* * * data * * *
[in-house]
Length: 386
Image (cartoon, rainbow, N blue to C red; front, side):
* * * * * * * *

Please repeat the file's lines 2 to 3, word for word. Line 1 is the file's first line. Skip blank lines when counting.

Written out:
Length: 386
Image (cartoon, rainbow, N blue to C red; front, side):